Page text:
By Bernhard Warner
Get set for a new round of phone wars. In the months ahead, the latest battle for telco loyalty will be fought over high-speed, if currently low-rent, Internet access lines. The stakes will be raised by the entry of many of the regional Bell operating companies, which are trying to transform themselves from staid, protected monopolies into nimble multimedia outfits. Another sleeping giant, GTE Corp., woke up the industry last week with its $616 million purchase of BBN Corp., an original architect of the Internet. ‘This is the way to grow this company,’ GTE chairman Charles Lee said of the deal. ‘We’re getting ready for the 21st century.’
Whether the average phone customer, already beleaguered by sales pitches for long-distance service, is ready for more confusion over phone lines is debatable. But for GTE and the Baby Bells, the desire to put a high-tech stamp on their brands is strong. They also come into the Internet field with decided advantages: virtually 100 percent penetration among local consumers, time-tested billing and switching systems, and marketing programs honed by reams of usage data.
‘They’ve been laying low to date, but they have the killer B’s: brand and bundling,’ says Joe Bartlett, a Yankee Group analyst. ‘Because of that, we’re bullish on them achieving a good deal of market share in the Internet access market.’
For long-distance powers AT&T, MCI and Sprint, selling access to the Internet to date has meant substantial investments across all media (mainly national television) and street-level promotions, along with the huge cost of building or leasing fiber-optic data lines. The regional Bells will need fewer dollars to launch their campaigns, opting for spot media buys and direct mail.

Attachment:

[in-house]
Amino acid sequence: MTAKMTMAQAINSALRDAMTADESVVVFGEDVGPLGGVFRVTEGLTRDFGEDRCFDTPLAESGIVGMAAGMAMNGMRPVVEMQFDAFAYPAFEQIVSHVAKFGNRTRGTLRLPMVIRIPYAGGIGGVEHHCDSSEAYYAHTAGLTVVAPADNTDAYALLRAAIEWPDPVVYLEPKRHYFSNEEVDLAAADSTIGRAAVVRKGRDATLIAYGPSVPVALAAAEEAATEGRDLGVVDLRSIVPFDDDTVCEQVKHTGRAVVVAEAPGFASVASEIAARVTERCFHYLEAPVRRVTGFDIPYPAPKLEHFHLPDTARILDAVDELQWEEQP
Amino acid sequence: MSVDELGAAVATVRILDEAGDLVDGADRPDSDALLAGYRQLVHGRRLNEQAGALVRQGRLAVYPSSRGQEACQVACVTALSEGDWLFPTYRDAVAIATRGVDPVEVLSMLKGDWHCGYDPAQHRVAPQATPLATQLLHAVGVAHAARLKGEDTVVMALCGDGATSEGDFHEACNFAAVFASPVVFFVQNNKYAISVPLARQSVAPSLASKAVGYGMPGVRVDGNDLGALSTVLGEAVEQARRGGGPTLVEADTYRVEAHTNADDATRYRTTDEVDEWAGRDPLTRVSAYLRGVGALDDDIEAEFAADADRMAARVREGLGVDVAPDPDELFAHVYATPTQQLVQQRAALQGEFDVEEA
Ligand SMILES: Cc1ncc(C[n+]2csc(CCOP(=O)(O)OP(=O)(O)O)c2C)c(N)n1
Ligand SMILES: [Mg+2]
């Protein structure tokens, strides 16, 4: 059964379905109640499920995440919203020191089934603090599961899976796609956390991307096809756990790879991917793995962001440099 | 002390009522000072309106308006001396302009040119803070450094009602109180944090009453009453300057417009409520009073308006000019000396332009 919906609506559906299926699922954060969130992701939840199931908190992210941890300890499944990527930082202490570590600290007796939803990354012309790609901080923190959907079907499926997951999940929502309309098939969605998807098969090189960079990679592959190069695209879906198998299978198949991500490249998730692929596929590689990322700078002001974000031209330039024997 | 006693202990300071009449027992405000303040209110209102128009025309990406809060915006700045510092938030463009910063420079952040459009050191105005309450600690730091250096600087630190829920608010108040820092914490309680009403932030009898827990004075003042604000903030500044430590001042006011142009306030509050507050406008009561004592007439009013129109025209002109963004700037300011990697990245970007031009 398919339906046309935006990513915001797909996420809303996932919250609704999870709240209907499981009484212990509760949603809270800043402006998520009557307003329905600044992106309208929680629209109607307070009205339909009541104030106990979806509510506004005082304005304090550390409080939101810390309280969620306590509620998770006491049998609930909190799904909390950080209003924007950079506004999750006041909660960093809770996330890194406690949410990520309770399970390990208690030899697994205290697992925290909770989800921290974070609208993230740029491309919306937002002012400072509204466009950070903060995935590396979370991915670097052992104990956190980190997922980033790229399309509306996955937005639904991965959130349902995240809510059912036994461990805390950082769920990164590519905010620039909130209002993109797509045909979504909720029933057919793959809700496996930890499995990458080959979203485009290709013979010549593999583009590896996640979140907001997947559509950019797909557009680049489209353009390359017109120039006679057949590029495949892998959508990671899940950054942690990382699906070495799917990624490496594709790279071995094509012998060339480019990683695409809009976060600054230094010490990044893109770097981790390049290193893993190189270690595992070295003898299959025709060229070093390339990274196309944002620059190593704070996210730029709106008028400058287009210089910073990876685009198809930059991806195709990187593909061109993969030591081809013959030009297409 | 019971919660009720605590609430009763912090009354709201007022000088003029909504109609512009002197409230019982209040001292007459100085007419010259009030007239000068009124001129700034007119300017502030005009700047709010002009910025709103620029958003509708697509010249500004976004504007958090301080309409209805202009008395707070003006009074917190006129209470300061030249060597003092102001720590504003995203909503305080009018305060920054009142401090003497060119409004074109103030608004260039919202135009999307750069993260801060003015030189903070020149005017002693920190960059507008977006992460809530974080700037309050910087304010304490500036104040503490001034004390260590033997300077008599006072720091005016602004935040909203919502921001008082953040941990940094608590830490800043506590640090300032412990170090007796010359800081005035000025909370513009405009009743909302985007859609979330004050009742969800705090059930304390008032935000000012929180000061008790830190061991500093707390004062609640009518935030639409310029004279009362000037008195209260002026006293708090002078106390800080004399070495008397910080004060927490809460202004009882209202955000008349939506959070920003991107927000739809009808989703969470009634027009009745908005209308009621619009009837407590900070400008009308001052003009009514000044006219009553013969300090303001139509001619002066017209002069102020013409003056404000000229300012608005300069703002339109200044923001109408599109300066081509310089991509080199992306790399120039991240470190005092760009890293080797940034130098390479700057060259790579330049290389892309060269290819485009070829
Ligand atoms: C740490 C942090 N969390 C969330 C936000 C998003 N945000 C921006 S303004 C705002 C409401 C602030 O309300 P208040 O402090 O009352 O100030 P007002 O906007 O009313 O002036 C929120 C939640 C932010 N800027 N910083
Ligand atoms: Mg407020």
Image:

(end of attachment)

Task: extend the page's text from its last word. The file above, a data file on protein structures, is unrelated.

For now, the on-line subscriber business is a mere crumb in the rich telecom pie. According to most analysts, Internet access for consumers and businesses yielded $1.7 billion in revenues for providers in 1996. That’s barely 1 percent of the U.S. market for local and long-distance phone service. But the Internet is one of the fastest-growing segments of telco traffic. Subscriber revenue is expected to reach $4.2 billion by 1998, then explode upward as bandwidth and programming increases. Bartlett expects the local telcos to grab more than 30% of the access fee market.
To start their assault, the Baby Bells will target their biggest cities first. The most aggressive of the bunch, Pacific Bell and BellSouth, are also using the IBM Global Network backbone to draw subscribers from the more distant parts of their coverage areas.
GTE, which is not shackled by the territorial restrictions of the Baby Bells, has pushed ahead strongly by bundling long-distance service with Internet discounts. It will spend about $4 million this year to market GTE Internet Solutions nationally; the company expects the effort to quadruple its subscriber base, to 400,000 users. The first round of creative, by Focus GTE, Dallas, has been running in seven test markets, including Los Angeles, Tampa/St. Petersburg and Fort Wayne, Ind., since early April. Later ad executions will come from GTE’s new agency of record, Ogilvy & Mather, New York.